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Quotes from Chapter Eight: Faith, Risk, and Rationality
I should be much more afraid of being mistaken and then finding out that Christianity is true than of being mistaken in believing it to be true. (Pascal, Pensées, 387/241, p. 143; in Christian Apologetics, p. 155)
...not to believe in Christianity, either as a committed unbeliever or as an agnostic, means to forfeit the benefits promised only to the believer (eternal life), should Christianity be true. Deciding not to choose has the same result as not believing in God. (Christian Apologetics, p. 159)
If Christianity is true, the prudential benefits for believing (eternal life) far exceed those offered by believing in atheism or any other worldview (finite pleasures). The prudential detriments of not believing if Christianity is true (loss of eternal life; gaining of hell) also far outweigh the detriments of not believing atheism or another other worldview if the non-Christian view is true (loss of some finite pleasures). Pascal is right to affirm that eternal bliss outweighs any finite good, and eternal loss is far worse than mere extinction. (Christian Apologetics, p. 161)
A prudential consideration of the Christian truth claim can, when offered wisely, invoke a healthy self-interest that encourages unbelievers to inquire into Christianity. (Christian Apologetics, p. 167)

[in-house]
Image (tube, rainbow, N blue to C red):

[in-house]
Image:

I've always wondered about Pascal's observation here in light of 1 Corinthians 15:
17 And if Christ has not been raised, your faith is futile; you are still in your sins. 18 Then those also who have fallen asleep in Christ are lost. 19 If only for this life we have hope in Christ, we are of all people most to be pitied.
I thought I would share this excerpt from philosopher Peter Millican's The Devil's Advocate (the full text of which can be found at http://www.millican.org/papers/1989DevAdv.pdf):
[Pascal's wager] will only be the least bit persuasive to those who are completely blind to alternative religious hypotheses, and who therefore accept that Pascal’s table of four outcomes indeed exhausts all the available
possibilities. But this assumption needs only to be stated to be seen to be ridiculous: why, for example, should we not consider the possibility that a Supreme Being exists who will reward disbelief, or who will punish the sort of self-inflicted brainwashing that Pascal advocates? Pascal’s argument makes no appeal at all to the plausibility of theism, so any number of crazy theories could be similarly supported. Suppose, for example, in order to focus on the Supreme Being’s moral qualities, that we consider the theory that instead of a good God, there is an